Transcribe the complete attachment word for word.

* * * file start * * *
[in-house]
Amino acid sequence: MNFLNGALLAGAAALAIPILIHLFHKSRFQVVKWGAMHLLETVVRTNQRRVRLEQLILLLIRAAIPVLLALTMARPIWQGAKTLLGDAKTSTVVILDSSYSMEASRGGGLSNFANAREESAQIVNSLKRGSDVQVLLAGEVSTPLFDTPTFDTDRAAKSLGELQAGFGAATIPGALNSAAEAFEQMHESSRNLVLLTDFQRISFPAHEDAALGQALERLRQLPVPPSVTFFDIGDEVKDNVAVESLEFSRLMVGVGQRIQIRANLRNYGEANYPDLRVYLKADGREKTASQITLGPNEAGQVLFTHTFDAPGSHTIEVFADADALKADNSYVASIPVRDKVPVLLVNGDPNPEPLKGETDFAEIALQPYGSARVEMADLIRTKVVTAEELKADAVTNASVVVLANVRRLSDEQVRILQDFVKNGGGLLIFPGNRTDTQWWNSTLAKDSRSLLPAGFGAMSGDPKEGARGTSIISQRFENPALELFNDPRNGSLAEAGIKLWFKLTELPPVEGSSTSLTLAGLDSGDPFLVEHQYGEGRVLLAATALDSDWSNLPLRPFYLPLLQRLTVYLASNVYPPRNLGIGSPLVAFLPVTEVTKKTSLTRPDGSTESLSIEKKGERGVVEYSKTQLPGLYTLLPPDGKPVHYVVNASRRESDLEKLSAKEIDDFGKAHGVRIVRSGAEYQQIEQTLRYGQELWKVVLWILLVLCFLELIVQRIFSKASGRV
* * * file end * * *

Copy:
[in-house]
Amino acid sequence: MNFLNGALLAGAAALAIPILIHLFHKSRFQVVKWGAMHLLETVVRTNQRRVRLEQLILLLIRAAIPVLLALTMARPIWQGAKTLLGDAKTSTVVILDSSYSMEASRGGGLSNFANAREESAQIVNSLKRGSDVQVLLAGEVSTPLFDTPTFDTDRAAKSLGELQAGFGAATIPGALNSAAEAFEQMHESSRNLVLLTDFQRISFPAHEDAALGQALERLRQLPVPPSVTFFDIGDEVKDNVAVESLEFSRLMVGVGQRIQIRANLRNYGEANYPDLRVYLKADGREKTASQITLGPNEAGQVLFTHTFDAPGSHTIEVFADADALKADNSYVASIPVRDKVPVLLVNGDPNPEPLKGETDFAEIALQPYGSARVEMADLIRTKVVTAEELKADAVTNASVVVLANVRRLSDEQVRILQDFVKNGGGLLIFPGNRTDTQWWNSTLAKDSRSLLPAGFGAMSGDPKEGARGTSIISQRFENPALELFNDPRNGSLAEAGIKLWFKLTELPPVEGSSTSLTLAGLDSGDPFLVEHQYGEGRVLLAATALDSDWSNLPLRPFYLPLLQRLTVYLASNVYPPRNLGIGSPLVAFLPVTEVTKKTSLTRPDGSTESLSIEKKGERGVVEYSKTQLPGLYTLLPPDGKPVHYVVNASRRESDLEKLSAKEIDDFGKAHGVRIVRSGAEYQQIEQTLRYGQELWKVVLWILLVLCFLELIVQRIFSKASGRV